De Lille's drought levy about-turn a victory for the people‚ says ANC
The City of Cape Town’s about-turn on its proposed drought charge has been welcomed by the opposition in council.
Mayor Patricia de Lille said the city would in all likelihood scrap the proposal and introduce higher water tariffs and a punitive charge for water guzzlers.
This came after a public outcry‚ including more than 60‚000 messages to the council opposing the charge. Even the DA provincial and regional leadership joined in‚ and De Lille climbed down even though she defended the charge as recently as five days earlier.
ANC leader Xolani Sotashe said he welcomed the change of heart. “It’s because of pressure [put on the city by residents]‚” said Sotashe.
The African Christian Democratic Party’s Grant Haskin also welcomed the scrapping of the levy‚ even though residents will have to pay higher tariffs instead.
“The punitive charge‚ that we will agree with because then it’s consumption based‚” he said.
De Lille said from February 1 the city was introducing new water restrictions‚ level 6b‚ which will limit residents to 50 litres a day — down from 87 litres‚ which most Capetonians have failed to achieve.
The city-wide consumption target will be 450 million litres a day‚ down from 500 million litres.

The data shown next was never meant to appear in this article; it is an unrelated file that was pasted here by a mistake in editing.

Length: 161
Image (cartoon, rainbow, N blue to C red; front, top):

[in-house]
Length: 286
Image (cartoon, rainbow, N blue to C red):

De Lille told a news conference: “We can no longer ask people to stop wasting water. We must force them.
“We have reached the point of no return. Despite our urging for months‚ 60% of Capetonians are callously using more than the 87 litres per day.
“It is quite unbelievable that a majority people do not seem to care and are sending all of us headlong towards day zero.
“At this point we must assume that they will not change their behaviour and that the chance of reaching day zero on April 21 is now very likely.”
The new plan is for households that use up to 6‚000 litres of water a month‚ currently paying R28.44‚ to pay R145.98 — though De Lille said she would “personally fight” to exempt them from the punitive tariffs.
For those who use up to 10‚500 litres‚ the bill will rise from R109.50 to R390.82.
Then it gets really ugly. Households that use up to 20‚000 litres will see their bill rise from R361.06 to R1‚536.25; up to 35‚000 litres‚ up from R1‚050.04 to R6‚939.57; and up to 50‚000 litres‚ up from R2‚888.81 to R20‚619.57.
Said De Lille: “Provision will be made for households larger than four people to ensure that they are not unfairly penalised.
“In terms of the drought charge‚ it is likely to be dropped after massive outcry from Capetonians that it was unfair. I understand that response and it has personally been a tough lesson for the city.”
De Lille said the result of dropping the drought charge was that “we are now going to have to make deep cuts to important projects”.
The new 50-litre-a-day limit was “to make up for the many months of missing the 500 million-litre-a-day target”‚ she said.
“The new daily collective consumption target is now 450 million litres per day. This will be in place for 150 days‚ after which the city will reassess.
“Level 6b will also limit irrigation using boreholes and wellpoints.”
On Monday‚ dam levels were at 28.7% and last week Cape Town got through 618 million litres of water a day. The new target is 27% below that.